James White came into 2013 having never started a game in his collegiate career yet was the second-leading returning running back nationally. That's how deep the Wisconsin backfield has been in the past.
White has now started four games and he is finding it harder and harder to keep his job in anything but name only—and it has nothing to do with him.
Instead, it has everything to do with super sophomore Melvin Gordon and his continued exceptional play on a week-in and week-out basis.
Gordon ran for a team-best 147 yards and added three touchdowns in the Badgers' 41-10 victory over Purdue to open Big Ten play on Saturday afternoon.
James White wasn't a slouch either, adding 145 yards and touchdown of his own.
Both Gordon and White accomplished their totals on just 16 carries apiece and averaged 9.2 and 9.1 yards a carry, respectively, this week.
However, it was how Gordon and White got there that made all the difference.
White had a 70-yard scamper for his lone touchdown, and outside of that play he would've had all of 75 yards and "just" a five-yard-a-carry average to his name.
Gordon, on the other hand, was busting nine- and 10-yard runs at almost every touch of the ball for him. His longest run of the day was "just" 27 yards.
What those that saw the game witnessed was a running back equally capable of pounding the ball and hitting the home run.
In fact, this was the first game of the season Gordon failed to have a run of longer than 45 yards to his name and, strangely, that was a good thing.
What was witnessed on the field against Purdue was a guy who looked like a featured back.
Gordon has 624 yards in five games this season, averaging a healthy 11.8 yards a carry on just 53 attempts.
His counterpart, White, has begun to look like the guy whose best role comes as a change-of-pace back.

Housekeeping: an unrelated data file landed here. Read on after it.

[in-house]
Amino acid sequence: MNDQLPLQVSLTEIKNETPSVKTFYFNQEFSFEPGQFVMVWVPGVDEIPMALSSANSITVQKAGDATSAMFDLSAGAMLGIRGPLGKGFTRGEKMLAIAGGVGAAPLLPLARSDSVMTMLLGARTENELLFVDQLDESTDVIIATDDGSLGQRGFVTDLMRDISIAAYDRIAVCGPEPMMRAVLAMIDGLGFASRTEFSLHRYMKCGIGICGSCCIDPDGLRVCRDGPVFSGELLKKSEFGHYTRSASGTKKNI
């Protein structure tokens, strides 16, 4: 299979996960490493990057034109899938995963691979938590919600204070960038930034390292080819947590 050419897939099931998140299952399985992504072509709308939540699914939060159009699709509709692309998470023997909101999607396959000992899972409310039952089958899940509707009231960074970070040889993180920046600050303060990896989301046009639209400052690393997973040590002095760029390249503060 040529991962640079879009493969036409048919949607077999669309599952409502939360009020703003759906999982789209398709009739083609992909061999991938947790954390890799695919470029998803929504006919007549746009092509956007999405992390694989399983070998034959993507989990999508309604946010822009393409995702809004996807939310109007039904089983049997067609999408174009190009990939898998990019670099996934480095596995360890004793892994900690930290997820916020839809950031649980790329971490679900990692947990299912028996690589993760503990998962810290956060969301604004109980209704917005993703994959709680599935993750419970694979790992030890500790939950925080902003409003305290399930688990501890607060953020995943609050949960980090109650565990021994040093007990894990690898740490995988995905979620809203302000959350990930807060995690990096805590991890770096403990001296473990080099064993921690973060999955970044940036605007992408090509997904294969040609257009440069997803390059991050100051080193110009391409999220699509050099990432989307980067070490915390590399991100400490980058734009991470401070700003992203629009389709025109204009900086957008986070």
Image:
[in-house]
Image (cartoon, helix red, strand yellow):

That's how the 70-yard touchdown run happened; previous to that possession the Badgers had given the Boilermakers a heavy dose of Gordon.
White came in and busted one up the middle for the touchdown, catching a few Purdue defenders off guard with his speed.
So far in 2013, White has rushed for 441 yards on 61 carries for an average of 7.2 yards a carry and has gotten better results following a spell of carries by Melvin Gordon in both the Arizona State and Purdue games.
Despite the numbers, don't expect a spell of jealousy to rear its ugly head between these backs because they are all-in for the common goal.
At the end of the day, though, Wisconsin can do far worse than splitting carries between these two beasts of backs, but it is increasingly clear that the Badgers' best chances for success come when Melvin Gordon has the ball in his hand.
So, as Wisconsin looks ahead to a date with Ohio State this coming week, perhaps it is time for Wisconsin to give the ball to Gordon in a featured roll and see what he can do when the game is in his hands for the majority of a game.
*Andy Coppens is the Big Ten Lead Writer. Follow him on Twitter for more of the Big Ten discussion.